How Gramercy Park became the only private park in Manhattan

The story begins in 1831, when Samuel B. Ruggles, a New York City lawyer and real estate investor, had an idea.

The metropolis was growing fast, pushing past its Lower Manhattan borders and creeping up to 14th Street and beyond. The builders of all the new houses and commercial buildings didn’t always care much about urban planning, and Manhattan’s naturally hilly topography was being leveled and turned into streets and building lots.

Ruggles knew that elite New Yorkers would pay big to reside in a different kind of setting, even if it was somewhat north of the posh sections of the city. “He recognized the value of centering residences around inviting open spaces within Manhattan’s strict city grid,” stated the National Parks Service.

So Ruggles bought land between today’s 19th Street and 24th Street and Broadway (then known as Bloomingdale Road) and Second Avenue. This marshy part of the city was known as the Crommesshie, or krom moerasje, a Dutch term later corrupted to “Gramercy” that meant “little crooked swamp,” per the NPS.

Ruggles drained the marsh and planned the new neighborhood of Gramercy (below map, from 1831): 66 lots centered on a two-acre green space for residents only that would be an “attractive inducement for real-estate development in the early 19th century,” according to a 1966 report by the Landmarks Preservation Commission.

The idea of a private park on city grounds sounds very undemocratic to contemporary New Yorkers. But it wasn’t all that unusual at the time.

First, the whole idea of a park as we know it today was a new concept; it would be another decade before city officials began seriously considering creating the open urban space that ultimately became Central Park in 1859.

Also, a precedent had been set, as Manhattan already had another private park for elite residents only: St. John’s Park, in view of St. John’s Chapel and many posh row houses in today’s Tribeca.

And since the buyers of the building lots would also pay to maintain the park, it wasn’t unreasonable that the park itself would be off-limits to outsiders, blocked by a wrought iron fence.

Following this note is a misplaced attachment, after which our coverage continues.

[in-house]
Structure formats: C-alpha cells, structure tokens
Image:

The first residents relocated to Gramercy in the 1840s, and two years later, planting in the park began, according to the LPC, adding that the iron gate has been locked since 1844. (The first keys were actually made of solid gold, per a 2012 article in the New York Times.)

Close to two centuries later, some of those original private dwellings remain, joined by elegant and historic apartment buildings. Gramercy Park residents successfully fought an attempt to have a cable car cut through the park in the 1890 and 1912, and the tranquil character Ruggles sought remains to this day, “long after the death of the society for which it was designed,” notes the LPC. (A fountain in the park pays homage to Ruggles.)

And what about the still-private park, the only one in Manhattan—St. John’s Park bit the dust in the 1860s—and one of two in all of New York City? (Sunnyside Gardens in Queens, created in 1926, is also members-only.)

According to the New York Times, just 383 keys to the park exist, and they’re reserved for residents of the 39 buildings around the perimeter of the park. (Guests of the Gramercy Park Hotel can also sign a key out and be escorted to the park by a staffer.)

“Any of the 39 buildings on the park that fails to pay the yearly assessment fee of $7,500 per lot, which grants it two keys—fees and keys multiply accordingly for buildings on multiple lots—will have its key privileges rescinded,” notes the Times.

Though Gramercy Park used to open one day every year to non-residents, that tradition has ended. If you really want to enjoy the gorgeous landscaping and the statue of actor (and presidential assassin brother) Edwin Booth yet can’t get a key of your own, you might have a shot on Christmas Eve.

In 2019, the park opened to the public for one hour for a caroling event. But be warned: there’s no word on whether that will ever happen again.

[Third image: 1831, MCNY 29.100.2973; fourth image: early 1900s, MCNY x2011.34.3342; fifth image: 1944, MCNY 90.28.30; sixth image: 1913 NYPL]

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3 Responses to “How Gramercy Park became the only private park in Manhattan”

  1. countrypaul Says:

    I have actually been in it, about a dozen years ago. One key for the park is “attached to” a small NYU dorm which abuts the park. My friend’s daughter lived there and took us in one day. You cannot imagine what an island of peace and tranquility it still is. I did not want to leave, and wish I could go back again.

  2. jms Says:

    It had been my understanding that Gramercy derives from krom mesje, or “crooked little knife”, the shape of which lent its name to a brook, thence the marsh and so ultimately the park. In support of this I would note that knives can more easily be crooked than swamps.

    (Then again, I could have sworn I first came across this tidbit in reference to a song and/or album of that title — “Crooked Little Knife” — by Tori Amos or Fiona Apple or Alanis Morissette or Suzanne Vega or some other female musical superstar of the same time frame … and now I can find no trace of it whatsoever, so whadda I know?)

    Here’s a curious fact: Fredric Wertham was a Gramercy Park North resident and thus had what in earlier years would have been a gold key.

  3. Tom B Says:

    Why did the ‘open 1 day per year to non-residents’ end? Was it the rich being haughty or the poor being nasty?
    There’s a simple reason why the sidewalks of the UES look different than the Bowery and it has nothing to do with wealth or lack of it.

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